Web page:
It has been years now that the Catalonian proto-State has, as all States do, built itself up using confusion and the management of fear, attempted to transform the Catalonian people into an authentic political union. In this sense the calls made [for Catalonian Independence] each Sept. 11th have served to police and domesticate a collective desire for freedom which cannot be absorbed into a single voice. This has been the political move: the Government decides who its people are, and to the extent that it succeeds into converting it into a political union, which is to say to create an us vs. them, it acquires a legitimacy which would allow it to negotiate with the Spanish state. It is clear that this hegemonic independentism desires no real or substantial social change. They call on us to disobey the [Spanish] ‘Gobierno‘ so as to immediately obey the [Catalonian] ‘Govern.’ ‘From one rule of law, to another’ they assure us. In fact these elite leaders always understand each other perfectly because the shadow of Capital is a wide one. In this war we are stuck in, what is most likely to happen is that each side will realize what is expected of them. The Catalonian government will say that it has defended the Rule of Law to the end, which is has in a rather measured way. The Catalonian government will affirm that, in the current moment, Catalonians have gone further than ever before. It is difficult to think that the Catalonian proto-State’s logic could go beyond a negotiated break that would just end up taking the form of a Constitutional reform.

Nonetheless, the situation is wide-open. When the streets are filled with people before an arrogant State, incapable of self-critique and which distrusts any kind of mediation, anything can happen. And this is really how it is: nobody knows what will happen because a new situation has arrived: voting has been transformed into a challenge to the State. For a lot of us, voting has never brought about any real change. Despite this, right now, the simple act of wanting to vote carries a bit of radicalism and transgression. It’s strange what is right now happening. Certainly many people are being moved and gathered under the pro-independence flag, but we are also numerous, those of us who now run headlong into the storm. Despite the fact that we have no flag, we know we must be there. We are also not unafraid, but it is a costly task to do so. We are forced to trust political leaders who brutally evicted an occupied Catalonian square, and which were the first to allow the application of neo-liberal measures. In 2011 we circled the Parliament to stop these measures. And now we should let ourselves embrace them?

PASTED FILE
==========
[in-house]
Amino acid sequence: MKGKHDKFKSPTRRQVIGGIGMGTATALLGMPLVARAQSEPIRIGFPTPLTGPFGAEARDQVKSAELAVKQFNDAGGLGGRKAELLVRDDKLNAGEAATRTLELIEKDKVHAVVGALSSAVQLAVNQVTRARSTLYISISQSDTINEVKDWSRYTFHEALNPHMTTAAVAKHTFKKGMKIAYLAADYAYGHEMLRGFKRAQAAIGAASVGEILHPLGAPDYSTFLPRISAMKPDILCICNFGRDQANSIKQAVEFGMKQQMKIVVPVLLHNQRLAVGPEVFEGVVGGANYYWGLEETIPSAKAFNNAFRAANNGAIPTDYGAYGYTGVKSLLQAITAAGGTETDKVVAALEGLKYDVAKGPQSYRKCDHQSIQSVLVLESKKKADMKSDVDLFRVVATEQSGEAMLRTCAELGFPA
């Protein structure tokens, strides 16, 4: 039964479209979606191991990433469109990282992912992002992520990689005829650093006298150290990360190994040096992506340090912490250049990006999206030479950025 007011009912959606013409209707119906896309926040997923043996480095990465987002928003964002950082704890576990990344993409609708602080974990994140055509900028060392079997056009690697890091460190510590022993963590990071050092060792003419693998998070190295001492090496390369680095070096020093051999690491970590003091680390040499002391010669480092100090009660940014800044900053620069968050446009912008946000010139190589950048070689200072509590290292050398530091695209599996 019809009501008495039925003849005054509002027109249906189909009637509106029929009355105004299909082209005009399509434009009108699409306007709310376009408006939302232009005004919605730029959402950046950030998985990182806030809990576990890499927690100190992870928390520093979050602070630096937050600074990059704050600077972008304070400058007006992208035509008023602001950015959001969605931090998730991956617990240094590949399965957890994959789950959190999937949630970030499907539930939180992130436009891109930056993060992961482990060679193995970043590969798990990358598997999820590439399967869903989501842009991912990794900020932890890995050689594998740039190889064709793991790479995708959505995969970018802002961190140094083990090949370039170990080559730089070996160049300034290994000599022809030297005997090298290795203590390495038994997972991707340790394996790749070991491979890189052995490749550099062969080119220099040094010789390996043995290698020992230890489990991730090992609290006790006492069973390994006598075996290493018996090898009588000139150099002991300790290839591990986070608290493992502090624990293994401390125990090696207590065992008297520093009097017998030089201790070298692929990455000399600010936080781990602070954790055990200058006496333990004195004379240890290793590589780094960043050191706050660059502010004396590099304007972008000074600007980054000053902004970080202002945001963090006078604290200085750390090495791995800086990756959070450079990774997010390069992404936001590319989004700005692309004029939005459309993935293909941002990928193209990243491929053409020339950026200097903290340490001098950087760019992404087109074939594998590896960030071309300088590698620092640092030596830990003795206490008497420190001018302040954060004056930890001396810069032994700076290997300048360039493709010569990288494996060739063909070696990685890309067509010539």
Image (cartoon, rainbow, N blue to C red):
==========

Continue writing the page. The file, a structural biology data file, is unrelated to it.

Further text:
When Felipe Gonzalez attests that “the situation in Catalonia has caused me the most concern in forty years’ we see a good sign. The pro-independence political forces have been able to disquiet a centralist and repressive power that has centuries of experience. It would not be easy to uproot this power and its defensive posture demonstrates this. Though, we must recognize the strength of this political movement, its capacity for organization and mobilization. But the Spanish State will never concede independence to Catalonia. For this to happen, we must first smash the Spanish State, and to advance this liberatory process Catalonian independentism must have much more support. Of course, to oppose the Spanish State arising from the will to become another State is not only not interesting, but is downright a losing direction. On the other hand, to imagine a Catalonia which could remain strangely indefatigable, could effectively undermine neo-Franco legality and constitute itself as something unheard of in Europe. If we want our right to choose to be more than an empty order, and that Oct. 1st should be a start and not an end point, we must definitively finish with the division of us vs. them defined exclusively in nationalist terms. Alone, Catalonia will never find its way. The Catalan Republic can only be born by fraternizing with the republics of the other peoples which live on the [Iberian] peninsula.

Let us vote then to smash the regime of 1978, an inheritance from Francoism. Let’s vote because voting in these times constitutes a defiance to the State and this defiance will make us a little more free. But let’s never forget the cry of “No one can represent us!” and further never forget that class struggle arises by agitating within what appears to be homogeneous.

(translated from Catalan by Alèssi Dell’Umbria)

[1] On September 11th, 1714 the army of Phillip V of Spain entered Barcelona after months of siege. For over 150 years this date has served as a Catalonian national holiday, la Diada, celebrated in a clandestine way under the Franco Regime.